In the fifth century BCE, famous Greek tragedian Euripides supposedly said, “where this no wine there is no love.” This certainly holds true in present day Pennsylvania, which has one of the nation’s strictest alcohol regulatory regimes. And according to Tom Wark, executive director for the American Wine Consumer Coalition, Pennsylvania is “the worst state to live in if you're a wine lover." In Philadelphia, one man surely isn’t feeling the brotherly love after police raided his home and seized 2,426 bottles of rare wine—with an estimated value of more than $125,000—that the police reportedly plan to “destroy.”
Arthur Goldman, a 50-year-old lawyer, alleged ran afoul of Pennsylvania’s archaic wine laws by purchasing and selling through unapproved channels. In Pennsylvania, one of ten states that doesn’t allow direct shipping of wine to consumers, the only place one can purchase wine is through state-owned liquor stores. For wine connoisseurs looking for a bottle unavailable for purchase in state stores, the only other option is to order their wine through one of the sanctioned “direct wine shippers” and have it sent to a state store. Of course, this adds a certain cost to the purchase (shipping charge, plus $4.50 handling, the state's 18 percent Johnstown Flood tax, 6 percent sales tax, and an addition 2 percent Philadelphia tax). With an average shipping rate of $7 per bottle or $22 per case, this means that a typical $50 bottle of wine would end up costing $74. A case of that wine, which would have cost $600 could cost around $832 after jumping through the Pennsylvania Liquor Control Board’s hoops. Of course, Goldman was likely purchasing much rarer and more expensive wines—the tax and shipping costs, assuming the approved direct shipping companies had the wines he wanted—could have been astronomical.
Cops paint a picture of a sophisticated racket meant to make Goldman a lot of money, but his lawyer asserts it was more like a group of 15-20 wine connoisseurs for whom Goldman would procure bottles unavailable in the state, only charging them for his costs.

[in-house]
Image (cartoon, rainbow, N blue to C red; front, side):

"It was more 15 to 20 people who liked wine like Art, who he would get the wine for."
His lawyer said it was similar to “making a liquor run over state lines and charging friends for gas.” Of course, that too would be illegal, even though virtually every Pennsylvania alcohol drinker near the state's border has done.
And one must wonder what purpose such restrictions serve? Are they worried Goldman and the 20 people he allegedly kept apprised of his offering were corrupting youth and endangering the lives of other Pennsylvanians? Of course, it all comes down to money. And Pennsylvanians have had it with the politically motivated and anticompetitive alcohol market in their state.
Because it is my home state and I like to drink alcohol (okay, I’m a beer connoisseur), I have written a lot about the PLCB, which is unprofitable, outdated, and rife with corruption. It is unsurprising that most residents of the state want to abolish the PLCB or, at least, get the state out of the business of selling alcohol. Restrictive markets, such as the wine market in PA, turn the otherwise law abiding citizen into a criminal. It will be a hard pill to swallow if the authorities decide to destroy Goldman’s collection, instead of selling it off and giving the proceeds to charity as he suggested. One can only hope that this tragedy will reawaken the thirst among Pennsylvanians for a freer alcohol market.
Thanks to David Scott for the heads up and keeping a watchful eye on the PLCB.